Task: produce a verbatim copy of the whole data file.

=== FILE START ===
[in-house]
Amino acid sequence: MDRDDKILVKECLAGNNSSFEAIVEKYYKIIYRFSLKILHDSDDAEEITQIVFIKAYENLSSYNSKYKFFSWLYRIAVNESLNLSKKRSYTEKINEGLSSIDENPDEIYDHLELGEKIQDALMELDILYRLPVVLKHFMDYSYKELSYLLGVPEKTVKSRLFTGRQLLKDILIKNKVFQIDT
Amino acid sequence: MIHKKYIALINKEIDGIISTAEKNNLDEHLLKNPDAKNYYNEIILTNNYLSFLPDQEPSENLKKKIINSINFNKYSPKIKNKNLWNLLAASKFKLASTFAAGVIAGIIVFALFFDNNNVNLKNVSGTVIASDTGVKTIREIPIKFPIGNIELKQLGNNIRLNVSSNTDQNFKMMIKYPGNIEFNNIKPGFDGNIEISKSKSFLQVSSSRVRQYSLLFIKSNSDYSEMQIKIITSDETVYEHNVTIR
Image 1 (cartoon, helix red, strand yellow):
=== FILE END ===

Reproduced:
[in-house]
Amino acid sequence: MDRDDKILVKECLAGNNSSFEAIVEKYYKIIYRFSLKILHDSDDAEEITQIVFIKAYENLSSYNSKYKFFSWLYRIAVNESLNLSKKRSYTEKINEGLSSIDENPDEIYDHLELGEKIQDALMELDILYRLPVVLKHFMDYSYKELSYLLGVPEKTVKSRLFTGRQLLKDILIKNKVFQIDT
Amino acid sequence: MIHKKYIALINKEIDGIISTAEKNNLDEHLLKNPDAKNYYNEIILTNNYLSFLPDQEPSENLKKKIINSINFNKYSPKIKNKNLWNLLAASKFKLASTFAAGVIAGIIVFALFFDNNNVNLKNVSGTVIASDTGVKTIREIPIKFPIGNIELKQLGNNIRLNVSSNTDQNFKMMIKYPGNIEFNNIKPGFDGNIEISKSKSFLQVSSSRVRQYSLLFIKSNSDYSEMQIKIITSDETVYEHNVTIR
Image 1 (cartoon, helix red, strand yellow):